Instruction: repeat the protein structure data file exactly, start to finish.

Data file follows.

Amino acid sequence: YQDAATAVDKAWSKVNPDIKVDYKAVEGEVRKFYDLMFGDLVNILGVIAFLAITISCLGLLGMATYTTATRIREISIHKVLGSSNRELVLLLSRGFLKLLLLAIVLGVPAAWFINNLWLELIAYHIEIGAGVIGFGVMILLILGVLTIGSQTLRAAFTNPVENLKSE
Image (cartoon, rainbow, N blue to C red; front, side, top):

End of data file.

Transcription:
Amino acid sequence: YQDAATAVDKAWSKVNPDIKVDYKAVEGEVRKFYDLMFGDLVNILGVIAFLAITISCLGLLGMATYTTATRIREISIHKVLGSSNRELVLLLSRGFLKLLLLAIVLGVPAAWFINNLWLELIAYHIEIGAGVIGFGVMILLILGVLTIGSQTLRAAFTNPVENLKSE
Image (cartoon, rainbow, N blue to C red; front, side, top):